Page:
• Be in the now. Look at people when they talk to you. Your job is people. You can take papers at home with you at night. (When you talk to someone, you should be reading their body language. People think you don't care when you don't look at them.)
  • Spend your time removing roadblocks, not being one.

What would you add?

(Note: I started this list for my post on TechLearning called Content Filtration: A Little Dirt for Your Health?)

Also a note on my current administration

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Vicki Davis

Vicki Davis is a full-time classroom teacher and IT Director in Georgia, USA. She is Mom of three, wife of one, and loves talking about the wise, transformational use of technology for teaching and doing good in the world. She hosts the 10 Minute Teacher Podcast which interviews teachers around the world about remarkable classroom practices to inspire and help teachers. Vicki focuses on what unites us -- a quest for truly remarkable life-changing teaching and learning. The goal of her work is to provide actionable, encouraging, relevant ideas for teachers that are grounded in the truth and shared with love. Vicki has been teaching since 2002 and blogging since 2005. Vicki has spoken around the world to inspire and help teachers reach their students. She is passionate about helping every child find purpose, passion, and meaning in life with a lifelong commitment to the joy and responsibility of learning. If you talk to Vicki for very long, she will encourage you to "Relate to Educate" or "innovate like a turtle" or to be "a remarkable teacher." She loves to talk to teachers who love their students and are trying to do their best. Twitter is her favorite place to share and she loves to make homemade sourdough bread and cinnamon rolls and enjoys running half marathons with her sisters. You can usually find her laughing with her students or digging into a book.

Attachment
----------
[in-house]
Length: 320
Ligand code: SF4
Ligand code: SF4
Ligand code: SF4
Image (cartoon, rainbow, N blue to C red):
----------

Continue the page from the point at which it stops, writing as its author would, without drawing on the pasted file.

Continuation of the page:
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Mrs. DiBurro November 11, 2006 - 9:55 pm

I have had admins that stiffled you – condescended to you – denied you any authority with the students, parents, and community. We have had a new admin for the past 2+ years. WOW – what a change! All the things you listed, she does. It is so refreshing to have an admin come to a team meeting and ask, “How would you change this? How would it best be changed to benefit the kids? I know it will be difficult or cost money, but if it improves our school…”

Melissa Simmons November 11, 2006 - 6:56 pm

You’re so right on with these points! I substituted in public schools before I took my private school job…the different in the attitudes of teachers is amazing! My admins give me room to explore and try new things…all they want if for me to enjoy my classroom because that usually means my students are successful also! I’m so fortunate to have an admin that trusts me and lets me do my job!

Cheryl Oakes November 12, 2006 - 10:44 pm

I like what Mrs. Diburro said, How would you change this to benefit kids? If all our meetings or messages would start out like this we could cut through to the quick. Also, I would put your last comment at the top and bottom, Don’t be a roadblock!